We have been told that the negotiators on behalf of Iran could pass a lie detector test that they never were past military dimensions. And what that means is, even the negotiators in Iran are unaware of the activities that Iran has been dealing with because most of that happens through the IRGC. It's a separate entity that has so much to do with the terrorist activities and the nuclear file.

So, we're concerned that if the negotiators don't even know on behalf of Iran all the things that Iran has been doing, how are we going to know? How are we going to have the ability to get in and on snap inspections get into the military facilities, make sure that covert operations are not under way. So, Jim, this is of significance, huge significance, the biggest geopolitical arrangement that possibly will be entered into. And, right now, the president has absolute free hand to implement, because Congress gave him that ability through national security waivers.

What Senator Cardin, myself, so many others on the committee, people like Lindsey Graham, John McCain, Kelly Ayotte off the committee have been pushing for, for some time is our ability on behalf of the American people to make sure that this is transparent, that we see it, that Iran is accountable, and that we have the ability to enforce this.

I think this is a minimum that we ought to be doing. I am thankful that it looks like we are at least beginning in a very strong position to move it to the floor, and I hope it will become law.

[09:10:00]

SCIUTTO: Senator Corker, I want to turn to domestic politics.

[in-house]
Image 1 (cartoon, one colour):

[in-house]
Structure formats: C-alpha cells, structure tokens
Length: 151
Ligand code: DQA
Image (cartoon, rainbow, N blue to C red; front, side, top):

The president on Friday was his most - most forthright, you might even say angry, when discussing the continuing delays in approving the nomination of Loretta Lynch, his nomination for attorney general.

I just want to pray a brief - brief clip of the president's sound on Friday. Have a listen.

(BEGIN VIDEO CLIP)

BARACK OBAMA, PRESIDENT OF THE UNITED STATES: It's gone too far. Enough. Call Loretta Lynch for a vote. Get her confirmed. Put her in place. Let her do her job. This is embarrassing.

(END VIDEO CLIP)

SCIUTTO: We have seen its Senate at its most bipartisan this week with regards to the Iran bill. In your view, is the president right? Is this embarrassing?

CORKER: You - and I am having difficulty hearing you. You talking about Loretta Lynch?

SCIUTTO: Talking about Loretta Lynch.

CORKER: Is that what you just asked?

SCIUTTO: We were quoting the president, who called it embarrassing.

CORKER: Yes.

SCIUTTO: He's demanding that Congress put her to a vote.

CORKER: Yes.

SCIUTTO: What I was going to say is that we have seen the Senate as its most bipartisan on the Iran bill.

CORKER: Yes.

SCIUTTO: This is arguably the worst of Washington partisanship.

Do you agree with the president that this is embarrassing it has taken so long to get this vote?

CORKER: Well, we have a couple things that are happening on the floor. And I think this is going to be resolved in the early part of this week.

There is a human trafficking bill that passed almost unanimously out of committee. I would think every American would want to make sure that we are doing everything we can domestically to deal with human trafficking. It's a huge issue here in Tennessee, and I know it is in every other state across the country.

And so, over a detail, a found - a detail that was found after it passed out of committee, it has been held up. And so what has happened is that and Loretta Lynch are being held together. My sense is, over the next 48 to 72 hours, that is going to be resolved, and we will move on to this Iran issue.

There's so many other things. Senator Alexander passed unanimously out of committee this week an education bill. We have trade promotion agreements that Orrin Hatch and Ron Wyden dealt with. So we have a number of things that I think are getting ready to hit the floor.

This logjam that you are talking about over this nominee likely will be worked out in the beginning part of this week once the human trafficking piece is worked out with it.

SCIUTTO: Senator Bob Corker, thanks very much for joining us this Sunday.

CORKER: Thank you.

END


Topics: Iran • Jim Sciutto • State of the Union